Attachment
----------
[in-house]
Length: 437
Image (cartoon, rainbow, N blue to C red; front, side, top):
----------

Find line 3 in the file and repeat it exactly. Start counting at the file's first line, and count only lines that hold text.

Image (cartoon, rainbow, N blue to C red; front, side, top):